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Editor: Paul L. Caron, Dean
Pepperdine University School of Law

Thursday, December 13, 2012

Senator Coburn Releases Ten Tax Expenditure Reforms

CoburnSenator Tom Coburn (R-OK) has released Ten Tax Expenditure Reforms & Eliminations: $315 Billion Over Ten Years:

The tax code is long overdue for comprehensive restructuring. Yet, instead of considering broad reform to simplify the code and lower rates, Washington continues to exacerbate the problem—doling out tax breaks and subsidies in the form of tax credits to well-connected companies and special interests with powerful lobbyists who seem to have more influence than most members of Congress. Even worse, some want to simply raise tax rates without addressing the underlying waste, spending and corporate giveaways embedded in the tax code.

Masquerading as tax cuts, many of these programs are no different from any other federal program that spends taxpayer money. Cleaning up the code by eliminating the most egregious tax giveaways will not only generate revenue, but also pave the way for reducing tax rates for all Americans and small businesses. While Washington delays undertaking true tax reform, the following ten expenditures could be immediately eliminated or reformed to reduce the deficit by more than $315 billion over the next ten years.

Coburn Chart_Page_1

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A look at the details shows that Senator Coburn's proposal is nonsense. 90% of the so-called savings comes from what's called "eliminating tax breaks for millionaires". And what are those tax breaks? Sen. Coburn mentions seven, but only three are material.

Over half the total ($64 bb out of $112bb during 2006-09) represents expenses of owning rental property. Such expenses are costs of getting income, not "tax breaks", and they need to be taken into account when calculating the *net* amount of income that is to be taxed. [The passive activity rules limit the deduction of net losses against other income.] Is Sen. Coburn really suggesting that property owners be taxed on their gross receipts? Is there some magic phase-out rule that would limit this policy of landlord confiscation so it would only apply to landlords with million dollar incomes?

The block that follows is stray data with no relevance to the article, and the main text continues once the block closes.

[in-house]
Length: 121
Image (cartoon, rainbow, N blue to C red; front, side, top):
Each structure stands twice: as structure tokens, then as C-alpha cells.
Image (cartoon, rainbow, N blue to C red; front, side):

Similarly, another $20 billion of Sen. Coburn's "tax breaks" represents the deduction of gambling losses against gambling winnings -- the excess losses aren't deductible in any case. Should gambling *losers* be taxed on gross receipts even if the have no net income? [cf. Zarin v. Comm'r]

The third major deduction involves $27 billion in home mortgage interest -- but again, how would the Senator eliminate this for income millionaires while preserving it for the less fortunate. He doesn't say -- probably because he has no idea of how to implement it.

Great headline, vacuous ideas. Tax stupidity masquerading as tax reform.


Posted by: Gwailo | Dec 14, 2012 1:49:48 PM